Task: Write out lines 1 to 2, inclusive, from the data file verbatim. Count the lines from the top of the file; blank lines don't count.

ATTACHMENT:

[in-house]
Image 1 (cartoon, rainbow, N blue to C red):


[in-house]
Image 1 (cartoon, rainbow, N blue to C red):